So we pump our young with pills, wrap them in condoms and, coming soon, jab them with vaccines hoping to prevent unwanted pregnancies, STDs and, now, cervical cancer. This in the name of denying their capacity for personal responsibility by advocates who wouldn't shake hands with each other if they had a cold.

...Oh, and have an especially happy Mother's Day. Soon, there may be few mothers left to celebrate.

Motherhood is a blessed estate that blesses the world. Here is a final quote from Martin Luther commenting on 1 Timothy 2:15:

15. 'SHE WILL BE SAVED.' That subjection of women and domination of men have not been taken away, have they? No. The penalty remains. The blame passed over. The pain and tribulation of childbearing continue. Those penalties will continue until judgment. So also the dominion of men and the subjection of women continue. You must endure them. You will also be saved if you have also subjected yourselves and bear your children with pain. 'THROUGH BEARING CHILDREN.' It is a very great comfort that a woman can be saved by bearing children, etc. That is, she has an honorable and salutary status in life if she keeps busy having children. We ought to recommend this passage to them, etc. She is described as 'saved' not for freedom, for license, but for bearing and rearing children. Is she not saved by faith? He goes on and explains himself: bearing children is a wholesome responsibility, but for believers. To bear children is acceptable to God. He does not merely say that bearing children saves: he adds: if the bearing takes place in faith and love, it is a Christian work, for to the pure all things are pure (Titus 1 :15).' Also: 'All things work together,' Rom. 8:28. This is the comfort for married people in trouble: hardship and all things are salutory, for through them they are moved forward toward salvation and against adultery.... 'IN FAITH.' Paul had to add this, lest women think that they are good in the fact that they bear children. Simple childbearing does nothing, since the heathen also do this. But for Christian women their whole responsibility is salutary. So much the more salutary, then is bearing children. I add this, therefore, that they may not feel secure when they have no faith." [Luther's Works, Vol. 28, p. 279]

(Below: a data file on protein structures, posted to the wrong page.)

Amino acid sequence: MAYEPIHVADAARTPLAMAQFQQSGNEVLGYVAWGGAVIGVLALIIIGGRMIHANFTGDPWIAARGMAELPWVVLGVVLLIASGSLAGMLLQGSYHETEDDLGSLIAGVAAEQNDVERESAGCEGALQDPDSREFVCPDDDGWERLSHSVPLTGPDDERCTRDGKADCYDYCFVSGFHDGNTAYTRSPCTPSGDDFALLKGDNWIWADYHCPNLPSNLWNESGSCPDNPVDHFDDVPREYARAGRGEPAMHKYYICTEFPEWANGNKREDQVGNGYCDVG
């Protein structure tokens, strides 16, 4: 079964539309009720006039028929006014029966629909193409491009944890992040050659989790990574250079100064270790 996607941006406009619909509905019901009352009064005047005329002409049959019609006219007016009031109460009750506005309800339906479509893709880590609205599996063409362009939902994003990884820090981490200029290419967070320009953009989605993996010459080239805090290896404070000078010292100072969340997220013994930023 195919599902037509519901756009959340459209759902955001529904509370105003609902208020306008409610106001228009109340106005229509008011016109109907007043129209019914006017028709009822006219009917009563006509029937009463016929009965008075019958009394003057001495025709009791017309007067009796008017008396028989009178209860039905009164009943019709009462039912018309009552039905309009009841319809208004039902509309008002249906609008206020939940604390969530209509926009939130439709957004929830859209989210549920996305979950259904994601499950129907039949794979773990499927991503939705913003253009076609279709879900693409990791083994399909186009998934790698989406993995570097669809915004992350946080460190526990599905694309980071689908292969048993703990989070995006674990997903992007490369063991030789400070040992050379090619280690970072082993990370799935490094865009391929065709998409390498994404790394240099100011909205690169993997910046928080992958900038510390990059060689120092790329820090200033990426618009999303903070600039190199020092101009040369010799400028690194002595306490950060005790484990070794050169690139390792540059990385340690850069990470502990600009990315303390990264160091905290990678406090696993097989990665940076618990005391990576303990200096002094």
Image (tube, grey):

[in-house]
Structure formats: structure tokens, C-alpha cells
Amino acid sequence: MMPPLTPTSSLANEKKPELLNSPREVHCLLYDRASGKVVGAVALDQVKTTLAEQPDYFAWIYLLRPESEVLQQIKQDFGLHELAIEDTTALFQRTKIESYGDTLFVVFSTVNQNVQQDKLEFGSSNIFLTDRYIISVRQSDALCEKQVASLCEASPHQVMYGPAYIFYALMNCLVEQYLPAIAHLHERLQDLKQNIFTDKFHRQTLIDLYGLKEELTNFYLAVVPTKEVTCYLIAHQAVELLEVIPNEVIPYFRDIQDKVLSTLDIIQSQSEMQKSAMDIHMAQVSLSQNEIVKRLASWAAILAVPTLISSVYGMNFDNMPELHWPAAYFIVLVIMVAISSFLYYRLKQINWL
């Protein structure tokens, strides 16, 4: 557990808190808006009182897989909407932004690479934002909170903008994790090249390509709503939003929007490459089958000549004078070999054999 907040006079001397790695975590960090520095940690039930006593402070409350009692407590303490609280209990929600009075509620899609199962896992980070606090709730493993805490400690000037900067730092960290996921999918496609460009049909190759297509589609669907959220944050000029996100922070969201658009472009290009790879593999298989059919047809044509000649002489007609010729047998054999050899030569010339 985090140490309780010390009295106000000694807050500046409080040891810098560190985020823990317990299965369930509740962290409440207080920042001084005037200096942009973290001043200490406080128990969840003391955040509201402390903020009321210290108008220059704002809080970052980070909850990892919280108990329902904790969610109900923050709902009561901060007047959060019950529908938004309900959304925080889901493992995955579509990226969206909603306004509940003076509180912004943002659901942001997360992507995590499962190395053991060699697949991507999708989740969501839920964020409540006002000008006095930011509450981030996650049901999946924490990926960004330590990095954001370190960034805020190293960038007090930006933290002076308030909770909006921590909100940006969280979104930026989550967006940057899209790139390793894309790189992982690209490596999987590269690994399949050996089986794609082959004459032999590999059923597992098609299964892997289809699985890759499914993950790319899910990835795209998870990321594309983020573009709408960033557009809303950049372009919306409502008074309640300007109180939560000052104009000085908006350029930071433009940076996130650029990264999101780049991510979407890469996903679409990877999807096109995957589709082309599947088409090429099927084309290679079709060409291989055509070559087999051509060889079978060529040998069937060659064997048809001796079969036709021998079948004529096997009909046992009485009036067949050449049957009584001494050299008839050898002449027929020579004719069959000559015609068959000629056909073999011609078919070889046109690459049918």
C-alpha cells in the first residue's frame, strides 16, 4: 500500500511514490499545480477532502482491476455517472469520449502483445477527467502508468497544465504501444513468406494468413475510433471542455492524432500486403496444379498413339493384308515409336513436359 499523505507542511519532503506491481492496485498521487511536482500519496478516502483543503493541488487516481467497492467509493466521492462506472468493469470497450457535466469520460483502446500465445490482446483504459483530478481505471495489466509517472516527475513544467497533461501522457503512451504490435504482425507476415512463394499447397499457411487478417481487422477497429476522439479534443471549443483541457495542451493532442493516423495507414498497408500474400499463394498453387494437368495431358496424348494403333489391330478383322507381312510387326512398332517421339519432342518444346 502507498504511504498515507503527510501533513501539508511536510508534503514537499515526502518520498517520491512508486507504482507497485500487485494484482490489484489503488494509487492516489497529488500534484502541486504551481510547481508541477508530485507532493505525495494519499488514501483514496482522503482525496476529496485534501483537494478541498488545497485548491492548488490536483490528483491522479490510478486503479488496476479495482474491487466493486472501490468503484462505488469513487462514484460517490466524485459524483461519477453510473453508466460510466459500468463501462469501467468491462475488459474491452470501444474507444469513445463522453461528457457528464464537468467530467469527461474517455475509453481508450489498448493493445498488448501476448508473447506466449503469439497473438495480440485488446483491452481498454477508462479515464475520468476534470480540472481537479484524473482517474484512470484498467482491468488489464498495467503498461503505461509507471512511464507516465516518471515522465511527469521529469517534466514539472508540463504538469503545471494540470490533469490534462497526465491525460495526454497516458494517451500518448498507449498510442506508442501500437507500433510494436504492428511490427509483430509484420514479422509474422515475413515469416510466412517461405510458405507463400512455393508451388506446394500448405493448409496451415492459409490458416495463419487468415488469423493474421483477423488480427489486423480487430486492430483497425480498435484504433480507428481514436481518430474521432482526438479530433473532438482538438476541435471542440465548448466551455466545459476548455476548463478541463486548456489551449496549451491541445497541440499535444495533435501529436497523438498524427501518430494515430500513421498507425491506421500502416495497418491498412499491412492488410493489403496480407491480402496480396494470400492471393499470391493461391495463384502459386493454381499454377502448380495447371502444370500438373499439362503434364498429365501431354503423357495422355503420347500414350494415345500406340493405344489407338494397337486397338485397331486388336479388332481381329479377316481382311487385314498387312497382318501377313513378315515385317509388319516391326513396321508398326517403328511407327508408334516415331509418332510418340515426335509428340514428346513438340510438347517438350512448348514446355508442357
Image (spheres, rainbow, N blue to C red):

So, to all you Christian mothers who are submitting yourselves to God's command to be fruitful and multiply, Happy Mother's Day! May God bless you richly as he continues to bless us and the world through you!


Children 'bad for planet'

Article from The Australian
By Sarah-Kate Templeton

May 07, 2007 12:00am

HAVING large families should be frowned upon as an environmental misdemeanour in the same way as frequent long-haul flights, driving a big car and failing to reuse plastic bags, says a report to be published today by a green think tank.

The paper by the Optimum Population Trust will say that if couples had two children instead of three they could cut their family's carbon dioxide output by the equivalent of 620 return flights a year between London and New York.

John Guillebaud, co-chairman of OPT and emeritus professor of family planning at University College London, said: "The effect on the planet of having one child less is an order of magnitude greater than all these other things we might do, such as switching off lights.
"The greatest thing anyone in Britain could do to help the future of the planet would be to have one less child."

Read the rest of the story
here. And the press release from OPT here.